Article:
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Disclaimer: Legal battles against systemic racism after the jump

Illustration for article titled Disclaimer: Legal battles against systemic racism after the jump

It’s been a rare occurrence to be proud of my hometown. But for one shimmering moment, an extremely surreptitious campaign to peel back some deliberately racist history has been successful. Memphis, against the rulings of the Tennessee state legislature sold a couple of public parks to a private non-profit organization. They did this in order to skirt rules regarding statues of Civil War rebel leadership individuals.


While one of these statues was built in the early 1900s (1904, IIRC) of Nathan Bedford Forrest, the other of Jefferson Davis was built in the hottest period of civil rights activity of the mid 20th century. The statue was completed in 1964, in a seemingly deliberate afront to the changing world for black people in the south.

Throughout my life I have been led astray by false leaders and idols, and it has taken these last 3-4 years for me to realize how willfully ignorant and blind I have been to the plight of my fellow Americans. I now stand for a wide swath of different ethnic and social groups and causes that if I told my teenage self, my teenage self would spit in my adult face. In my early military career I followed the heard of “Pro-war/Pro-Bush” and found myself wantonly filling my life with skewed perspectives from specific news outlets. Listening to the vitriol of Fox News, Rush Limbaugh, or any other right wing conservative spokesperson garbled my own native beliefs about equality and moral validity. It was not until I left general population military units for ones of higher education and capabilities that I began to dig deep down to find my own true opinions and beliefs. Around this time I realized I did not need anyone else to think or believe as I do, and the simple fact that other human beings had those opposing views was something I celebrated so long as my opposition did not see fit to force his or her opinion on others. I became a sort of beacon for liberal-conservative equilibrium.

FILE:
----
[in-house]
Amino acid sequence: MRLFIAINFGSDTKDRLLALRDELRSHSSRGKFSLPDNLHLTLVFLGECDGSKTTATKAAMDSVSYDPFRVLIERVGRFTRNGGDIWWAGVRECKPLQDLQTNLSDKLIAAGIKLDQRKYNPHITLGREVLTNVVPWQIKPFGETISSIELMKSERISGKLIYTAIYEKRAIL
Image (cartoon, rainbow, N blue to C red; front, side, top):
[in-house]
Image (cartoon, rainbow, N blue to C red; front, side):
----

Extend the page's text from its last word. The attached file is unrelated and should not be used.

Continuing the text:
Having spent many long days and nights in the cities and deserts of Iraq and the valleys and mountain passes of Afghanistan I continued my soul searching; aiming to become a sort of “warrior-monk”. Dealing in the ways of death so that others may live freely. Seeing first-hand how civil wars have torn nations apart. Viewing the aftermath of self-justifying genocide of other ethnic or religious groups of people is a heavy sight to see and I can still only imagine the burden that those who lived through it carry. This burden shapes the way new minds are molded. The same old hate continues to fester like a bedsore. We offer lip service and prayers and claim to have hope for justice, peace and love to spread but much like the multitude of negligent caregivers in nursing homes we permit the bedsore to grow into an infected, putrefying open wound.

With a profound comprehension of how my wake in combat andin life affects those who follow me, I have reached an epiphany about the minority of Americans clinging to past ideals of those civil war leaders, their statues and the legacy they left behind.

I will forever see anyone who has openly and willfully taken up arms against the American people (read, not her government) as a traitor, enemy, and valid target. I no longer view men who fought for the South in the Civil War as any form of veteran. They can only be seen as my enemies, those who continue to cling to the ideals of the Confederacy are enemies of the American people.


Back to the original subject of this piece, I am proud of my hometown because the city voted for her people. They did not vote for some variation of political or financial gain. The city council of Memphis held a late night vote to sell these parks in a punctuation mark on a longstanding battle with the status of these monuments to slavery, racism and subjugation. I do not know what my future holds for me, but I do know that I want to live in a world where my elected officials speak and vote for their people, not for their benefactors nor for the shadowy entities that donate money to them.

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PS: If my Memphis cop father read this and realized that I am in favor of demolishing the monikers of a failed rebellion, his Stockholm Syndrome-addled head might spin around.

If you have gotten this far, thanks for reading, I was just wanting to brain - > fingertip vomit my thoughts about the situation.

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